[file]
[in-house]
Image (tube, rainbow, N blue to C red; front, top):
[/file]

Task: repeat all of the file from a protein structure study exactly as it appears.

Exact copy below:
[in-house]
Image (tube, rainbow, N blue to C red; front, top):